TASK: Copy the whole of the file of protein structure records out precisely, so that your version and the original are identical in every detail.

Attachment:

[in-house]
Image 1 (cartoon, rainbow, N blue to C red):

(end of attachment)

[in-house]
Image 1 (cartoon, rainbow, N blue to C red):